8

It’s Audi’s TT in S form, the fastest, most powerful and, from £38,900 (£40,270 with a twin-clutch auto), most expensive model in the new TT range.

No apologies for choosing this one to test over the less powerful TT variants, though; even if it’s not the volume seller and doesn’t arrive in the UK until March, rather than January like its siblings. There are two reasons the S is compelling.

One: the TT shares not just its architecture with the terrific Volkswagen Golf R, but also vast swathes of its powertrain. Which is enticing. Two: the old TT S was by far the finest driver’s car in the TT range. If that’s the case this time around, and if it has been infused with similar magic as the Golf R, finally we might have an Audi that bothers the class lead of a Porsche Cayman, or at least a BMW M235i.

Some details first. The new TT's appearance is as you’d expect: modernised, more aggressive, but the old TT was not an impossible act to follow. Not like we believed the first one would be.

The TT has progressed from mould-breaker to range staple and established sub-brand. Once, it was hard to believe this was a car launched by a conventional car manufacturer. Now, it’s impossible to imagine Audi without it.

The new car is, more or less, the same length as before, at 4177mm, but there is 37mm more in the wheelbase (2505mm) and, it’s claimed, up to 50kg less in the kerb weight thanks, in all, to some 27 per cent of the chassis/body being aluminium.

Suspension is by MacPherson struts at the front, four-link at the rear. Steering is electrically assisted with varying ratio – faster on-lock than near straight ahead. Magnetically-controlled dampers are standard on the S, and will be available on other models soon after launch.

The engine is a four-cylinder EA888 turbocharged petrol unit. Here it makes 306bhp between 5800 and 6200rpm, and 280lb ft, which arrives at only 1800rpm, and sticks gamely around until 100rpm before the arrival of peak power. Plump, then.

In the S it drives exclusively through a four-wheel-drive powertrain that’s mostly front-biased but has an electronically-controlled multi-plate clutch at the rear axle. Temptingly, as in the Golf R, it can send up to 100 per cent of torque to either axle. It’s said to be good for 0-62mph in 4.6sec, while returning 40.9mpg on the fanciful combined cycle.

The TTS comes with an exceptionally classy interior. If you were being picky you might argue that it’s a bit dark inside, but if you weren’t you’d simply admire the fit, the relative simplicity of the layout and the genuine style and panache with which things are finished.

A digital instrument panel sits in place of analogue dials. Audi’s Multi Media Interface (MMI) has been re-tuned with fewer buttons and for simpler menu navigation. I think it and the digital display works rather well. If you don’t? Well, I’m sure Audi is sorry, but there’s no physical alternative. Do try to like it, because digital displays will be everywhere before long.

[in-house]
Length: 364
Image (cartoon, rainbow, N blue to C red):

Our test car rode on 19in alloys, shod with 245/35 ZR19 tyres (by Hankook, unusually). And in that state the ride, with the usual caveat about being on unfamiliar roads, was busy in the dampers’ firmer mode, and even a touch in the softer mode.

The TTS is still a decent town or cruising machine, mind, thanks to a straight driving position and sound ergonomics. The steering’s also fine; although light, it’s accurate enough.

But up the pace and the TTS is now better, I think, than it has ever been. It is not a clone of a Golf R: it does not quite replicate all of that car’s moves. But here, at last, is a small Audi coupe that I would have no hesitation in calling a sports car.

As well as selectable modes for the dampers, you can select different settings for the engine/gearbox calibration, steering weight and ESC intervention: you can choose pre-set modes or pick and choose your set-up.

Thankfully it seems more than just a marketing gimmick, too. I imagine mostly I’d leave the button in Auto, but Dynamic has a lot going for it when you’re in the right mood.

Not only is the exhaust angrier this way, the optional six-speed double-clutch gearbox is more willing too, and the chassis better tied-down. No, the TTS is not quite as composed as – from memory – I think a Golf R is. Nor, rather more pertinently, a Porsche Cayman. But it makes a decent job of casting aside surface imperfections and controlling its body.

And although the TTS weighs 1460kg, it also feels pleasingly agile, thanks in part to the rapid steering, and in other parts to the calibration of the stability control and four-wheel-drive system.

The front tyres do not need to have relinquished grip before power is apportioned to the rear. Turn-in briskly and the rear-mounted clutch starts diverting torque towards the back axle.

Then, when you get back on the power, it’s readily available to tighten a line or quell any understeer. Throw in a chassis that will tuck its nose in if you turn-in on the brakes and you have the deftest chassis ever to underpin a TTS.

Lesser versions of the Audi TT are doubtless better value but there is real dynamic capability beneath the TTS.

Is it as much fun as a Porsche Cayman? Let’s not be silly. An BMW M235i? Probably not – though I’d like a back-to-back test to say for sure. But if on-limit engagement was your only remit then a Renaultsport Mégane Trophy would be a cannier choice.

Fact is the TTS has always been about more than just that. It has always been a good coupe that gives you sound reasons to buy one. That it’s now rather good fun to drive is another one.

Audi TTS Coupé S-Tronic

Price £40,270; 0-62mph 4.6sec; Top speed 155mph (limited); Economy 40.9mpg; CO2 159g/km; Kerb weight 1460kg; Engine type, cc 4cyls, 1984cc, turbo petrol; Power 306bhp between 5800-6200rpm; Torque 280lb ft between 1800-5700rpm; Gearbox six-speed dual clutch automatic

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